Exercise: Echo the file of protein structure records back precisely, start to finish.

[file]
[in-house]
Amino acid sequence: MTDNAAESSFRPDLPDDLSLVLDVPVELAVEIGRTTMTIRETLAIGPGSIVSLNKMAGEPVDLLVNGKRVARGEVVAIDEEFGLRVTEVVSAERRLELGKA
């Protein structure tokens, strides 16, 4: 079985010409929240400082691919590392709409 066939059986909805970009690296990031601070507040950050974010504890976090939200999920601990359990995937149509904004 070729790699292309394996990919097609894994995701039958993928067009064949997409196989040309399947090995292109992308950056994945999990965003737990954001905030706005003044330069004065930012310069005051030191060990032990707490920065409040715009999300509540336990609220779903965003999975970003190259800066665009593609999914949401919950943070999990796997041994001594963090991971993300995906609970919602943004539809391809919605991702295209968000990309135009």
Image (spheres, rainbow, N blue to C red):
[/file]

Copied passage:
[in-house]
Amino acid sequence: MTDNAAESSFRPDLPDDLSLVLDVPVELAVEIGRTTMTIRETLAIGPGSIVSLNKMAGEPVDLLVNGKRVARGEVVAIDEEFGLRVTEVVSAERRLELGKA
């Protein structure tokens, strides 16, 4: 079985010409929240400082691919590392709409 066939059986909805970009690296990031601070507040950050974010504890976090939200999920601990359990995937149509904004 070729790699292309394996990919097609894994995701039958993928067009064949997409196989040309399947090995292109992308950056994945999990965003737990954001905030706005003044330069004065930012310069005051030191060990032990707490920065409040715009999300509540336990609220779903965003999975970003190259800066665009593609999914949401919950943070999990796997041994001594963090991971993300995906609970919602943004539809391809919605991702295209968000990309135009």
Image (spheres, rainbow, N blue to C red):